Another approach might be to have a completely separate object which all your factories are given a reference to on initialization, and which acts as a sort of 'look up' server for object references when one object wants to speak to another. This functionality could be provided by a function if you would rather not use an object.

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The way I do it is by creating a container class.

from twisted.internet.protocol import Protocol, Factory
from twisted.internet import reactor

class QOTD(Protocol):

    def connectionMade(self):
        self.factory.message_siblings("Got a client")
        self.transport.loseConnection()

class MyFactory(Factory):
    protocol = QOTD
    def __init__(self,root,name):
        self.clients = []
        self.root = root
        self.name = name
        #self.root.add_child(name,self)
    def message_siblings(self,message):
        self.root.message_children(self.name,message)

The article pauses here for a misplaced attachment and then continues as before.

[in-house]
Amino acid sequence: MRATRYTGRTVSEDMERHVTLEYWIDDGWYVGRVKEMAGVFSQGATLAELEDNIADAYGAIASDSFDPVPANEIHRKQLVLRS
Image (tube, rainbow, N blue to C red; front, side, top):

def message_sibling(self,message):
        self.root.message_child(self.name,message)  
    def get_message(self,name,message):
        #do something here
        print name,message



class Container(object):
    def __init__(self):
        self.servers = {}
    def add_child(self,obj,name):
        self.servers[name] = obj(self,name)
    def message_children(self,name,message):
        for server in self.servers:
            if server != name:
                self.servers[server].get_message(name,message)
    def message_child(self,name,message):
        if name in self.servers.keys():
            self.servers[server].get_message(name,message)

container = Container()
container.add_child(MyFactory,'test')
container.add_child(MyFactory,'test2')
reactor.listenTCP(8007, container.servers['test'])
reactor.listenTCP(8008, container.servers['test2'])
reactor.run()

This may not be the best method but it works and allows for some flexibility

share|improve this answer
    
In that example I only use the one factory and listen on two ports. In your question you mentioned connecting to an irc server. That should be simple with this method. Just add the relevant variables to the irc client factory init and add the message_siblings,message_sibling etc methods. –  tomfmason Oct 8 '10 at 18:07